Components of the usual diet that may provide health benefits beyond basic nutrients. Examples of functional foods include soy, nuts, chocolate, and cranberries (From NCCAM Backgrounder, March 2004, p3).
A non-medical term defined by the lay public as a food that has little or no preservatives, which has not undergone major processing, enrichment or refinement and which may be grown without pesticides. (from Segen, The Dictionary of Modern Medicine, 1992)
Use of written, printed, or graphic materials upon or accompanying a food or its container or wrapper. The concept includes ingredients, NUTRITIONAL VALUE, directions, warnings, and other relevant information.
The application of knowledge to the food industry.
Nutritional Physiological Phenomena
The processes and properties of living organisms by which they take in and balance the use of nutritive materials for energy, heat production, or building material for the growth, maintenance, or repair of tissues and the nutritive properties of FOOD.
Live microbial DIETARY SUPPLEMENTS which beneficially affect the host animal by improving its intestinal microbial balance. Antibiotics and other related compounds are not included in this definition. In humans, lactobacilli are commonly used as probiotics, either as single species or in mixed culture with other bacteria. Other genera that have been used are bifidobacteria and streptococci. (J. Nutr. 1995;125:1401-12)
Digestive System Physiological Phenomena
An organism of the vegetable kingdom suitable by nature for use as a food, especially by human beings. Not all parts of any given plant are edible but all parts of edible plants have been known to figure as raw or cooked food: leaves, roots, tubers, stems, seeds, buds, fruits, and flowers. The most commonly edible parts of plants are FRUIT, usually sweet, fleshy, and succulent. Most edible plants are commonly cultivated for their nutritional value and are referred to as VEGETABLES.
Products in capsule, tablet or liquid form that provide dietary ingredients, and that are intended to be taken by mouth to increase the intake of nutrients. Dietary supplements can include macronutrients, such as proteins, carbohydrates, and fats; and/or MICRONUTRIENTS, such as VITAMINS; MINERALS; and PHYTOCHEMICALS.
The production and movement of food items from point of origin to use or consumption.
A family of sterols commonly found in plants and plant oils. Alpha-, beta-, and gamma-isomers have been characterized.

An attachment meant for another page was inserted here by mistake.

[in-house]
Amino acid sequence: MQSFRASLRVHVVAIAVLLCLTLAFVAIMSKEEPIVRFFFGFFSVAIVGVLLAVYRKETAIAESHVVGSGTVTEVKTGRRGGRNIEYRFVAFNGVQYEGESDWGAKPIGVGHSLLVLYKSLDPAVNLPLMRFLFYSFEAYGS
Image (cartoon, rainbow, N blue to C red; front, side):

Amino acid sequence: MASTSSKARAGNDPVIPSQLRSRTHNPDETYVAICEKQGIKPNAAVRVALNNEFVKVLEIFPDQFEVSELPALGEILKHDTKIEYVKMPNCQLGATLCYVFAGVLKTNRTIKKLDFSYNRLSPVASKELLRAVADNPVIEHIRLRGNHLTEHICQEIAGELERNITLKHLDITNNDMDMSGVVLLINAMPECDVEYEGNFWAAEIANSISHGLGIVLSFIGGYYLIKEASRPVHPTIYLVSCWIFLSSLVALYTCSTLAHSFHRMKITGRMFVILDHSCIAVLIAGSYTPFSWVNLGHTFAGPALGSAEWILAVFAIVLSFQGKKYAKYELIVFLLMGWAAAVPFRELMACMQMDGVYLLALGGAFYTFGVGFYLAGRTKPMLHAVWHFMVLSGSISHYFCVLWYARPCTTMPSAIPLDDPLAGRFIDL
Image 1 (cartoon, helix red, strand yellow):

The fleshy or dry ripened ovary of a plant, enclosing the seed or seeds.
The selection of one food over another.
Anaerobic degradation of GLUCOSE or other organic nutrients to gain energy in the form of ATP. End products vary depending on organisms, substrates, and enzymatic pathways. Common fermentation products include ETHANOL and LACTIC ACID.
Measurement and evaluation of the components of substances to be taken as FOOD.
Acquired or learned food preferences.
Gastrointestinal disturbances, skin eruptions, or shock due to allergic reactions to allergens in food.
The presence in food of harmful, unpalatable, or otherwise objectionable foreign substances, e.g. chemicals, microorganisms or diluents, before, during, or after processing or storage.
Any aspect of the operations in the preparation, processing, transport, storage, packaging, wrapping, exposure for sale, service, or delivery of food.
Activities involved in ensuring the safety of FOOD including avoidance of bacterial and other contamination.
Free Radical Scavengers
The withholding of food in a structured experimental situation.
Any food that has been supplemented with essential nutrients either in quantities that are greater than those present normally, or which are not present in the food normally. Fortified food includes also food to which various nutrients have been added to compensate for those removed by refinement or processing. (From Segen, Dictionary of Modern Medicine, 1992)
Food, Genetically Modified
The sequence of transfers of matter and energy from organism to organism in the form of FOOD. Food chains intertwine locally into a food web because most organisms consume more than one type of animal or plant. PLANTS, which convert SOLAR ENERGY to food by PHOTOSYNTHESIS, are the primary food source. In a predator chain, a plant-eating animal is eaten by a larger animal. In a parasite chain, a smaller organism consumes part of a larger host and may itself be parasitized by smaller organisms. In a saprophytic chain, microorganisms live on dead organic matter.
Functions, equipment, and facilities concerned with the preparation and distribution of ready-to-eat food.